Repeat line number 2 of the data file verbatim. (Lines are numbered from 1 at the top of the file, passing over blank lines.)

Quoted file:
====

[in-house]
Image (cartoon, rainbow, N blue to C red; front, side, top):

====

Image (cartoon, rainbow, N blue to C red; front, side, top):